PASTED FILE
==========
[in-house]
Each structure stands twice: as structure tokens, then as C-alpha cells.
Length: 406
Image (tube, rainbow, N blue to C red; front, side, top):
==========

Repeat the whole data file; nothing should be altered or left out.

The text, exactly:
[in-house]
Each structure stands twice: as structure tokens, then as C-alpha cells.
Length: 406
Image (tube, rainbow, N blue to C red; front, side, top):